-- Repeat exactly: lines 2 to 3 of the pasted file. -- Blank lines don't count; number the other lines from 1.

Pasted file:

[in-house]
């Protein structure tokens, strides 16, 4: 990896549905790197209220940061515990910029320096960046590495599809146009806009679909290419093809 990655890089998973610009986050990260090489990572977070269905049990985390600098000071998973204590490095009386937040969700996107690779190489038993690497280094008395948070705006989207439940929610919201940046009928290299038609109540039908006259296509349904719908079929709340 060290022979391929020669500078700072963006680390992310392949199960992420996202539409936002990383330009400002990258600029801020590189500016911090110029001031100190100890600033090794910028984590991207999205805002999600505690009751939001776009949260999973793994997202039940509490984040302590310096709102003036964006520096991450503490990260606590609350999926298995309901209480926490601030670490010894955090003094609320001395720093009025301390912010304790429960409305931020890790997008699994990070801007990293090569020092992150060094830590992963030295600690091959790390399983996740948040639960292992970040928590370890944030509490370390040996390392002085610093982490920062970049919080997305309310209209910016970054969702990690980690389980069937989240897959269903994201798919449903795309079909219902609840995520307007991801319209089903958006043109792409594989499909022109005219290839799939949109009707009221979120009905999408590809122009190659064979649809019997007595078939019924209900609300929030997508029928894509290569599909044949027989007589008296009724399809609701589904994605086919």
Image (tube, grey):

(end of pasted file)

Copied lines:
């Protein structure tokens, strides 16, 4: 990896549905790197209220940061515990910029320096960046590495599809146009806009679909290419093809 990655890089998973610009986050990260090489990572977070269905049990985390600098000071998973204590490095009386937040969700996107690779190489038993690497280094008395948070705006989207439940929610919201940046009928290299038609109540039908006259296509349904719908079929709340 060290022979391929020669500078700072963006680390992310392949199960992420996202539409936002990383330009400002990258600029801020590189500016911090110029001031100190100890600033090794910028984590991207999205805002999600505690009751939001776009949260999973793994997202039940509490984040302590310096709102003036964006520096991450503490990260606590609350999926298995309901209480926490601030670490010894955090003094609320001395720093009025301390912010304790429960409305931020890790997008699994990070801007990293090569020092992150060094830590992963030295600690091959790390399983996740948040639960292992970040928590370890944030509490370390040996390392002085610093982490920062970049919080997305309310209209910016970054969702990690980690389980069937989240897959269903994201798919449903795309079909219902609840995520307007991801319209089903958006043109792409594989499909022109005219290839799939949109009707009221979120009905999408590809122009190659064979649809019997007595078939019924209900609300929030997508029928894509290569599909044949027989007589008296009724399809609701589904994605086919």
Image (tube, grey):